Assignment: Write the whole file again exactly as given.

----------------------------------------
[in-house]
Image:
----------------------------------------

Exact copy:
[in-house]
Image: